Comprehensive Review on Alzheimer’s Disease: Causes and Treatment

Breijyeh, Zeinab
Karaman, Rafik
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Alzheimer’s disease (AD) is a disorder that causes degeneration of the cells in the brain and it is the main cause of dementia, which is characterized by a decline in thinking and independence in personal daily activities. AD is considered a multifactorial disease: two main hypotheses were proposed as a cause for AD, cholinergic and amyloid hypotheses. Additionally, several risk factors such as increasing age, genetic factors, head injuries, vascular diseases, infections, and environmental factors play a role in the disease. Currently, there are only two classes of approved drugs to treat AD, including inhibitors to cholinesterase enzyme and antagonists to Nmethyl D-aspartate (NMDA), which are effective only in treating the symptoms of AD, but do not cure or prevent the disease. Nowadays, the research is focusing on understanding AD pathology by targeting several mechanisms, such as abnormal tau protein metabolism, β-amyloid, inflammatory response, and cholinergic and free radical damage, aiming to develop successful treatments that are capable of stopping or modifying the course of AD. This review discusses currently available drugs and future theories for the development of new therapies for AD, such as disease-modifying therapeutics (DMT), chaperones, and natural compounds.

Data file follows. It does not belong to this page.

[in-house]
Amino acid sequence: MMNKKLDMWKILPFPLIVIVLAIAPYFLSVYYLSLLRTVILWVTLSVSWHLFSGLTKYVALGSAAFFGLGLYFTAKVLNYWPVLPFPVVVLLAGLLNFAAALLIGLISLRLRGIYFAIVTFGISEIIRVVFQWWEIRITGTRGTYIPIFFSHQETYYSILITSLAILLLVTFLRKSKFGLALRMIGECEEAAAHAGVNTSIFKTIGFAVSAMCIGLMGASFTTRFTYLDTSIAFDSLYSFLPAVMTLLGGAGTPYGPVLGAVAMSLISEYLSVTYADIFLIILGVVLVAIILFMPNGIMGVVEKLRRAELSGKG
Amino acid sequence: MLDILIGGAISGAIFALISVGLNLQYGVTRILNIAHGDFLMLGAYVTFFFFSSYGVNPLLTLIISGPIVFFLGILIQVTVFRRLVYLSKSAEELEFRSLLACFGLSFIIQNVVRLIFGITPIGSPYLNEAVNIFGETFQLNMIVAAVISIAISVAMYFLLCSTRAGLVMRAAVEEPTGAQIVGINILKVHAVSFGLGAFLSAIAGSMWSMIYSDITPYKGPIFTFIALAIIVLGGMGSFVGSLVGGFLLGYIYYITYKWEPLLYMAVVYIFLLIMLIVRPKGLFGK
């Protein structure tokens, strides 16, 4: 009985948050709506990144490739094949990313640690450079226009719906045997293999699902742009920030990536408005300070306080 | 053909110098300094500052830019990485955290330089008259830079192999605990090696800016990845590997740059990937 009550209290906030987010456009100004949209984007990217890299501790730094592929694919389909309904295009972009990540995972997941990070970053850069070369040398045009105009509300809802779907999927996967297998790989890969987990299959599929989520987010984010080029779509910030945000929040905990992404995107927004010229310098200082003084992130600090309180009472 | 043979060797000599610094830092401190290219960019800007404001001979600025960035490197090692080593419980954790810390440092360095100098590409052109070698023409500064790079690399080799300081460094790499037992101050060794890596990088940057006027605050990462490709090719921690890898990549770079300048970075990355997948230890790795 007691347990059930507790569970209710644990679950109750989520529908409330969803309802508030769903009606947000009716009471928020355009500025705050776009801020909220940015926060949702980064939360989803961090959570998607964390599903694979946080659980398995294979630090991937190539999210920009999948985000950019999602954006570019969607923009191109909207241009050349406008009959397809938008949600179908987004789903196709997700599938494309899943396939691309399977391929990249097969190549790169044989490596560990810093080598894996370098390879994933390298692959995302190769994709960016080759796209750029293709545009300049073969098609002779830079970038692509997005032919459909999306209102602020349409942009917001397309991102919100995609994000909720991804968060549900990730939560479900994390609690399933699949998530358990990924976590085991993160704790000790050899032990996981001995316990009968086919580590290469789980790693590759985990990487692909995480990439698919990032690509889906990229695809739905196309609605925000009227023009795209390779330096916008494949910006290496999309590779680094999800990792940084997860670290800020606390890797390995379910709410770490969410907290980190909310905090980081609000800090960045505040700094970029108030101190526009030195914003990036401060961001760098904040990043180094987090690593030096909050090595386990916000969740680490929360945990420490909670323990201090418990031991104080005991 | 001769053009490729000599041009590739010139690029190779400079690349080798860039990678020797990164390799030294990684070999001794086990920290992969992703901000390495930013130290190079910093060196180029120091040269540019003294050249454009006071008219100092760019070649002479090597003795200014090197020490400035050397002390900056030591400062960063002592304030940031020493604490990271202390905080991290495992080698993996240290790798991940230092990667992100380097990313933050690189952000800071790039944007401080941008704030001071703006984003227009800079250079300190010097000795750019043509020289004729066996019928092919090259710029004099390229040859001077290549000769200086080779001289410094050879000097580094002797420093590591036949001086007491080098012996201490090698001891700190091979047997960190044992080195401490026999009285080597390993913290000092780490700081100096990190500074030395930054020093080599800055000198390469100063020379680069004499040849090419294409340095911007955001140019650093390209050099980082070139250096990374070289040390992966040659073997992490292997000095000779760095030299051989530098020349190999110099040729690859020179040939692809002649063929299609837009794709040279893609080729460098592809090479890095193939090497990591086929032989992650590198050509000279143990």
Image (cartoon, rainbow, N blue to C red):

Alzheimer’s disease , neurodegeneration , β-amyloid peptide , tau protein , risk factors , disease-modifying therapy , chaperons , heat shock proteins